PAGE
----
Arctic marine microbial ecology during the Svalbard Polar Night
AuthorAmargant Arumí, Martí
This study investigated the presence and activity of the components of the microbial food web (sepcifically viruses, heterotrophic bacteria and nanoflagellates, and autotrophic Cyanobacteria and pico-nanoflagellates) in the waters around the Svalbard archipelago (Norway) during the polar night period. The study focused on two major questions – are there differences in the community composition in different water masses? And, are there significant changes occurring during the polar night period? Two cruises in January and November 2017 with a total of 11 stations offered the opportunity to test these hypotheses. Flow cytometry was used to determine cell abundances in the uppermost 100m of the water column, and 8 serial dilution experiments were conducted to estimate their growth and grazing rates. All studied organism groups occurred in all samples in low abundances in both January and November. Comparison to the hydrographic regime revealed strong linkages between community structure and hydrography with higher abundances in Atlantic Water samples. Heterotrophic nanoflagellates and autotrophic pico-nanoplankton were markedly less present in January, whereas bacteria and viruses displayed steady concentrations in both months. This supported the hypothesis of succession in the microbial network throughout the polar night, and the possible role of mixotrophy and resting stages are discussed. No significant growth or grazing was detected in the experiments, which could be caused e.g. by low substrate availability and resting strategies. This study demonstrated that all members of the microbial food web organisms persists throughout the polar night in the major water masses around Svalbard. Future studies using alternative approaches are suggested to further study these processes during times of low activity.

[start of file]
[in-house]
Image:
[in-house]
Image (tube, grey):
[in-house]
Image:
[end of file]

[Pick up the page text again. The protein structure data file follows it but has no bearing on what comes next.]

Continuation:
PublisherUiT Norges arktiske universitet
UiT The Arctic University of Norway
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